Journal of the House of Commons: Volume 3, 1643-1644. Originally published by His Majesty's Stationery Office, London, 1802.
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Die Veneris, Aprilis 5, 1644.
Sir W. Robarts.
UPON the Letter from the Committee of Kent, at Knoll, of the Third of April, directed to Sir Tho. Walsingham; desiring him to mediate for Sir Walt. Robarts his Enlargement, who has preferred a Petition unto them, full of Submission;
Lancaster Duchy Seal.
Resolved, &c. That the Charge for making of this Seal shall be paid out of the Revenue of the Duchy, collected in the County of Lancaster: And the Committee for the Revenue is to give Warrant for Payment of the same accordingly.
Allowance to Sir N. Poole.
Resolved, &c. That Ten Pounds a Week shall be allowed, out of the King's Revenue, to Sir Nevile Poole; and be paid accordingly from this time, by the Committee of the Revenue, till this House take further Order.
The humble Petition of Jonas van Druschke, Colonel over a Regiment of Horse, under Sir Wm. Waller; informing the House of his long Sickness by reason of his great Wounds; yet now recovered, and desirous to go again to his Charge, if he had Part of his Arrears:
It is this Day Ordered, That it be referred to the Committee at Haberdashers Hall, of this House, to see that such Part of his Arrears be paid unto the said Colonel, out of the Remainder of the Ten thousand Pounds to be paid to Sir Wm. Waller, as they shall think fit; he first producing unto them an Account, under the Auditor's Hand, of the Arrears due unto him.
Military Stores, &c.
Frenche Church in London.
Whereas Sir Wm. Waller hath bought of the Sequestrators, Goods and Household-stuff sequestered, to the Value of Three hundred Pounds; the which he desireth may be satisfied and paid for, out of the Arrears due unto him, for his Entertainment: It is Ordered, That the Sequestrators do charge themselves with the said Sum of Three hundred Pounds; and that it shall be allowed upon their Account, and cast, and charged upon the Arrears of Entertainment, due unto Sir Wm. Waller; and defalked and satisfied out of his Entertainment and Pay.
Payment to Bamfield.
Whereas Sir Jo. Bamfield, of the Parish of Magdalen's Milk-street, London, did, in November 1642, lend and pay, upon a Loan of the Thirty thousand Pounds lent by the Citizens of London, for the Service of the Army raised by the Parliament, the Sum of Fifty Pounds; which was promised to be repaid out of the next Monies then to come into the State; and the same is still unpaid: It is Ordered, by the and Commons, That the Committee at Haberdashers Hall do forthwith pay unto the Treasurers upon the Propositions at Guildhall, the Sum of Fifty Pounds, to be paid by them to Sir Jo. Bampfield, for Repayment of the Fifty Pounds lent and advanced by him, as aforesaid.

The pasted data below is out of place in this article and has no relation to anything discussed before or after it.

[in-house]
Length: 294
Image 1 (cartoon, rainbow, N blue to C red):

An Ordinance for giving Power to the Committee of the Militia in London, to raise and send forth Forces containing very large Powers, was this Day read the First and Second time; and, upon the Question, committed unto the Committee for the weekly Meal, where Mr. Ellis has the Chair: And they are to meet upon it this Afternoon, at Two of Clock, in the Exchequer Chamber: And have Power to send for Parties, Witnesses, Papers, Records: And are to peruse the Ordinance formerly granted the Militia, upon the sending forth of the Forces under Colonel Browne: And that they do not exceed the Powers granted in the said Ordinance: And they are to bring it in To-morrow Morning: And the Care hereof is especially recommended unto Mr. Ellis.
Money for Army.
Deputy Lieutenants of Cambridge.
Lords desire a Conference.
Sir W. Brereton.
Mr. Holles reports, from the Lords, the Conference desired, concerning the Committee of Nine, and the Two Papers; and presented first a Paper to the House, which was the Substance of the former Conference, delivered by the Lords, lest there might be a Mistake; and also presented, in Writing, another Paper, which contained the Substance of this Conference: Both which Papers were read.
Ordered, That the Committee at Haberdashers Hall do pay the Sum of Eleven Pounds Four Shillings Six-pence, being the Arrear of Pay due to Lieutenant Reston, slain at Worcester, to Olave Reston his Widow.
Ordered, That this Business concerning the Paper from the States Ambassadors, and from the Scotts Commissioners, and the Report of this Conference with the Lords, touching the same Business, be taken into Consideration To-morrow Morning, the first Business; and that no other Business intervene.
Grounds for Peace, &c.